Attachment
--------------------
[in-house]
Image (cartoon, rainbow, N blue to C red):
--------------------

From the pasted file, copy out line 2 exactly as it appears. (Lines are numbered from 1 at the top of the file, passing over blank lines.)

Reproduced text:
Image (cartoon, rainbow, N blue to C red):